Another 4 million Baby Bumbo Seats are being recalled following reports of skull fractures and falls, the U.S. Consumer Product Safety Commission (CPSC) just announced.
The Baby Bumbo Seats were manufactured in South Africa by Bumbo International Trust, of South Africa and were sold by Sears, Target, Toys R Us (including Babies R Us), USA Babies, Walmart, and various other toy and children’s stores nationwide, and various online sellers, from August 2003 through August 2012. The recalled Bumbo seats sell for between $30 and $50.
In October 2007, 1 million Bumbo seats were recalled to provide additional warnings against use on raised surfaces. That recall notice can be accessed on the CPSC web site. Babies can maneuver out of, or fall from, the recalled Baby Bumbo Seat, which poses a risk of serious injuries. The Commission and Bumbo International are aware of at least 50 incidents since the October 2007 recall.
Babies had fallen from Bumbo Seat while being used on a raised surface; 19 incidents involved skull fractures. Since, the CPSC and Bumbo International have become aware of 34 post-recall reports of infants who fell out, or maneuvered out, of a Bumbo Seat used on the floor or at an unknown elevation. This resulted in at least two reports of skull fractures; the other injuries involved bumps, bruises, and minor injuries.
The bottom of the Bumbo seat is round, flat and 15 inches in diameter. The seat is constructed of a single piece of molded foam, comes in various colors, and has leg holes; the seat back wraps completely around the child. The front of the seat bears the word “Bumbo” in raised lettering, as well as an image of an elephant. The bottom of the seat bears: “Manufactured by Bumbo South Africa Material: Polyurethane World Patent No. PCT: ZA/1999/00030.” The back of the seat bears several warnings. Seats manufactured since 2008 bear an additional label on the front, warning against use on raised surfaces.
Consumers in possession of the recalled Baby Bumbo Seats are urged to cease using them until they install a repair kit, which can be obtained from the manufacturer, said Reuters. The free repair kit includes a restraint belt with a warning label, installation instructions, safe use instructions, and a new warning sticker; the belt should always be used when a child is in the seat. Even with the belt, the seat should never be used on a raised surface. Consumers should immediately stop using Bumbo seat covers that interfere with belt installation and use. A video demonstrating proper installation of the restraint belt and proper use of the Bumbo seat can be accessed at www.BumboUSA.com. The free repair kit can be ordered from this web site or by calling 1.866.898.4999 between 8:00 a.m. – 5:00 p.m., Central Time (CT), Monday – Thursday and 8:00 a.m. – 12:30 p.m., CT, Friday. Bumbo Seats should not be returned to retailers as they are unable to provide the repair kit.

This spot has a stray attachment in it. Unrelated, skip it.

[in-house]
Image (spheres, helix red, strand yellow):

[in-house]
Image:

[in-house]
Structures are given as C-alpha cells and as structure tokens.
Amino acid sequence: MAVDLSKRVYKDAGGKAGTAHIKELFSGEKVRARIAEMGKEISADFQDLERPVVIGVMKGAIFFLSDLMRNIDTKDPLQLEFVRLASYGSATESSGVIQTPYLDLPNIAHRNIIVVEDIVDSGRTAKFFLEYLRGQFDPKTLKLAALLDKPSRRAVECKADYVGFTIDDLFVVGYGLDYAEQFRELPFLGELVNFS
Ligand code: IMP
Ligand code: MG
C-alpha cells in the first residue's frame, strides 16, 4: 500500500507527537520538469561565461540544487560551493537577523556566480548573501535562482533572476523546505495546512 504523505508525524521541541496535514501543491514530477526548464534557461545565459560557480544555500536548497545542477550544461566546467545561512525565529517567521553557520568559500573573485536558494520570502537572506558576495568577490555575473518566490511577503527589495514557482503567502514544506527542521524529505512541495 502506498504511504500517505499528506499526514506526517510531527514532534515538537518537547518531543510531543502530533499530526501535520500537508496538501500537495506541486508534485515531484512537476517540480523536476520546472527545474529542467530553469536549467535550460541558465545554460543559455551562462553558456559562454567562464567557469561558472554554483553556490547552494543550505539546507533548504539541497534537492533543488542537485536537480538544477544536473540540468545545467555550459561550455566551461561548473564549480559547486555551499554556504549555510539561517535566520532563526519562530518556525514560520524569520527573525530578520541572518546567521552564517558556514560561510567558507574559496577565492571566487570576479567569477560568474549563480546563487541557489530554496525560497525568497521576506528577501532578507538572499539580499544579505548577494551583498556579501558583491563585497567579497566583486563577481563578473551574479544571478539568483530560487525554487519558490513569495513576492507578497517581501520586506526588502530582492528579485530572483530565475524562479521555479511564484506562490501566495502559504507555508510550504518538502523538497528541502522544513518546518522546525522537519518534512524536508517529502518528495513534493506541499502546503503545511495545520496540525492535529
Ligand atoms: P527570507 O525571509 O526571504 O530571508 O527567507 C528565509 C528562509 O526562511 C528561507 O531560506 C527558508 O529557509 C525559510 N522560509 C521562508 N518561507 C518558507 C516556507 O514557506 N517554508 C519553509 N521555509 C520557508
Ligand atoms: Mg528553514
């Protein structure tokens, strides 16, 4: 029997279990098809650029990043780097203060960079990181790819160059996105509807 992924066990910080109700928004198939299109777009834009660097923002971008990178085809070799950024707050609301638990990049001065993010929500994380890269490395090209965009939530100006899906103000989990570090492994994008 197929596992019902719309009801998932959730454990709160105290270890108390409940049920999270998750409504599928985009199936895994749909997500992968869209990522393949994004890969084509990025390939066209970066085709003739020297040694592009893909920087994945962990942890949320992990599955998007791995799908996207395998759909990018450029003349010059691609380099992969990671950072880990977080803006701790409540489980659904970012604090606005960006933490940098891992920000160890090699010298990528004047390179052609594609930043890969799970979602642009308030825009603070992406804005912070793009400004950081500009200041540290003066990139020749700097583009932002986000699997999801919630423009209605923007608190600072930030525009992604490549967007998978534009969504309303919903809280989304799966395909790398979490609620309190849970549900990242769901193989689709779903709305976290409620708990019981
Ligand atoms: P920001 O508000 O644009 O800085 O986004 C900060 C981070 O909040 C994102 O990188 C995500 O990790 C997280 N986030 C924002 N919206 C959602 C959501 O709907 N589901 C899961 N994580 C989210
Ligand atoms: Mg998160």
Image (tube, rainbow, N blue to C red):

We previously wrote that consumer groups sought a recall of Baby Bumbo Seats and asked the CPSC to become involved. The CPSC acknowledged that Baby Bumbo Seats are associated with safety problems and issued a typical warning in November concerning the product’s risks; however, safety advocates feel the Commission should have done more.
As we’ve written, the recall mandated new warnings be placed on the Baby Bumbo Seat to deter elevated use of the product; however, since the prior recall, the CPSC and Bumbo International learned that, at that time, 17 infants, ages 3-10 months, suffered skull fractures. These incidents and other injuries involved the recalled Bumbo Seats and Bumbo Seats sold after the recall with the additional on-product warnings. Also, CPSC and Bumbo International stated that they were then aware of an additional 50 reports of infants falling or maneuvering out of Baby Bumbo Seats used on the floor, but at unknown elevations. This included two skull fractures and one concussion. At the time of the 2007 recall, CPSC was aware of 28 falls with three skull fractures. CPSC and Bumbo International were later aware of at least 46 falls from took place before the 2007 recall, resulting in 14 skull fractures, two concussions, and one broken limb.